Remember that backpacking trip you took through Europe when you were a college student? One day you’d be in London wolfing down fish ’n chips, the next you’d be having crepes in Paris and then paella in Spain.
Well, prepare to relive your glory days of sleeping in hostels and bathing in the Mediterranean courtesy of this European-style brasserie, whose menu is a hit list of favorite international dishes. Chef-owner Dion Rottman envisioned his new restaurant based on a childhood of travels through Europe with his French mother. Why can’t we all be that fabulous?
Rottman takes as his model those classic European rail station brasseries serving simple, inexpensive but delicious meals. Diners can note whimsical touches like a wooden trellis crisscrossing the ceiling like a railroad bridge, and a wall-mounted announcement board with the beers of the day noted in glowing letters—try a Chimay Blanche or whatever’s Belgian.
Alternatively, you could sip a train-themed cocktail like the Train Wreck with Jameson Irish Whiskey, Frangelico and Fever Tree Ginger to get you really nostalgic as you taste foreign yet familiar comfort foods like duck fat fries with malt vinegar aioli, line-caught Alaskan cod fish ’n chips with English pea puree and house-cut chips, juicy bangers and mash with creamy potatoes and jus, and daintier delights such as pan-roasted day boat scallops with smoked bacon jam and Spanish sherry gastrique.
For dessert, the beignets with a trio of dipping sauces—chocolate, dulce de leche and crème anglaise—are hot, fluffy and delicious. Resist the temptation to buy a plane ticket to Europe when you get home.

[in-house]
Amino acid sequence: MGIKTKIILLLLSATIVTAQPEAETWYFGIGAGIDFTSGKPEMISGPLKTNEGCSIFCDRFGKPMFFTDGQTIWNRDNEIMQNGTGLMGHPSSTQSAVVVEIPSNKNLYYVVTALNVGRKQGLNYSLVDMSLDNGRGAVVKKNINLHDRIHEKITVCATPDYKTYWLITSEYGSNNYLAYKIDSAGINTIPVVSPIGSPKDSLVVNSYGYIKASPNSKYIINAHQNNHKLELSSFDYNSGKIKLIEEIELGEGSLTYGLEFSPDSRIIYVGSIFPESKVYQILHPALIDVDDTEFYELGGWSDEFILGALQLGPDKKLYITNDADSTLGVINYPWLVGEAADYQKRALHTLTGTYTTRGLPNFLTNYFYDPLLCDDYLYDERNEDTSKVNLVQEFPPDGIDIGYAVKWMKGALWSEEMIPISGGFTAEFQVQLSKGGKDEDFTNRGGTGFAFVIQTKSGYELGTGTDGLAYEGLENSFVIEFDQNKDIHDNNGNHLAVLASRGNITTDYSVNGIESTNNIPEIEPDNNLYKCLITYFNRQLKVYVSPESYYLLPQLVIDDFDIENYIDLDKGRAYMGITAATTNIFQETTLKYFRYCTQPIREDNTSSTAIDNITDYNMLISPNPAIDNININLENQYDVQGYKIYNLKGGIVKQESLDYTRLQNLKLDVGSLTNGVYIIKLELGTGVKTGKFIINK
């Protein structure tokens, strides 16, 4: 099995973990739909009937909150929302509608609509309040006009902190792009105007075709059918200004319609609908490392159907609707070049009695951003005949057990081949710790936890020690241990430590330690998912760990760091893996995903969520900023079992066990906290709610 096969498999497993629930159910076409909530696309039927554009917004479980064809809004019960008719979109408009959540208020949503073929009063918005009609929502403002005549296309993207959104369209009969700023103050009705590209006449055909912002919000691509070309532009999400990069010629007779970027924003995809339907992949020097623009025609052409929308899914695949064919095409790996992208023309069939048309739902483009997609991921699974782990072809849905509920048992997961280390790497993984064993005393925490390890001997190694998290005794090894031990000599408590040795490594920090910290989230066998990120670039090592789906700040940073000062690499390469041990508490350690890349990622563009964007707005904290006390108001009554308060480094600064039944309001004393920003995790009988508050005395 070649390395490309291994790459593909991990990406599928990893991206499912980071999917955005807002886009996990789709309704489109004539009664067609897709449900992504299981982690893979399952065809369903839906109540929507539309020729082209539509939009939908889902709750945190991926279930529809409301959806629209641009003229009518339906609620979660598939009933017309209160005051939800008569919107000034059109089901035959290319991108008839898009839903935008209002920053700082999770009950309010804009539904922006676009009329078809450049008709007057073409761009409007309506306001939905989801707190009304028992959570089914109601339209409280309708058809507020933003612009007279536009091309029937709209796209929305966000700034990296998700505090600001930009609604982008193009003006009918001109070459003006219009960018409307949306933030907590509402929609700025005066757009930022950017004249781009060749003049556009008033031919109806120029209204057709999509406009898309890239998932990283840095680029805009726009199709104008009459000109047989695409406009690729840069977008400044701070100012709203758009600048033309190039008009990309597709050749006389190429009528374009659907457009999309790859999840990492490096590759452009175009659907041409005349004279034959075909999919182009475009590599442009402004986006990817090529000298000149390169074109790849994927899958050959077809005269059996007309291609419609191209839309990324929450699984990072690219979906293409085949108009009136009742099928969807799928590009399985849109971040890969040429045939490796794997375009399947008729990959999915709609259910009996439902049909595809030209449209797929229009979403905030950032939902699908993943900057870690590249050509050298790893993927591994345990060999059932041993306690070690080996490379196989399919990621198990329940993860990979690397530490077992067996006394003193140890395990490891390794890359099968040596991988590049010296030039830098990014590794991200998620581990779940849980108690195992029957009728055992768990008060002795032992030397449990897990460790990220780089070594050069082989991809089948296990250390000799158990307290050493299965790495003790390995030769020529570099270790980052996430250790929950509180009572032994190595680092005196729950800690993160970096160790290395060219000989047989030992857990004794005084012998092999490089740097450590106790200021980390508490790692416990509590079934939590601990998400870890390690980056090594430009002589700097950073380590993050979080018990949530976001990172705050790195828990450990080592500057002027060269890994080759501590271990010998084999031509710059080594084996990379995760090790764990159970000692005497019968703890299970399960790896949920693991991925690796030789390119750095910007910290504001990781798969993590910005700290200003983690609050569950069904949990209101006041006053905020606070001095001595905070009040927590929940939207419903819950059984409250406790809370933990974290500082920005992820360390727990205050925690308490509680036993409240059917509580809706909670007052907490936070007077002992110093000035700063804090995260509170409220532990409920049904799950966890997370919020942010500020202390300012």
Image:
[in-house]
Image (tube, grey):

3rd Street Station, 8486 W. 3rd St., WeHo, (323) 782-8466; 3rdstreetstationla.com
food2know: Fish 'n Chips
England’s cuisine wasn’t always—shall we say—esteemed. But one thing you could always be sure of in Old Blighty: getting great fish ’n chips. Good thing you don’t have to venture so far to find satisfaction.
Library Ale House
The version of fish and chips at this Main Street Santa Monica favorite is a distinctly Californian take on the traditional British pub grub. Diners get a choice of cod or wild salmon beer battered and served with homemade tartar sauce. Who says you can’t improve upon perfection? 2911 Main St., Santa Monica, (310) 314-4855
It’s simple, it’s hot, but what else do you need? The fish and chips at this always-packed Melrose watering hole are lightly battered and fried, and come with traditional sides of malt vinegar and tartar dipping sauce. 7383 Melrose Ave., L.A., (323) 655-3331
Waterloo & City
Though he serves plenty of fancy foods at his Culver City gastropub, Chef Brendan Collins includes a few cheeky choices of his native English cuisine including his lusciously fried fish and chips served with housemade tartar sauce and tangy pickled onions. Thank goodness he moved to L.A.! 12517 W. Washington Blvd., Culver City, (310) 391-4222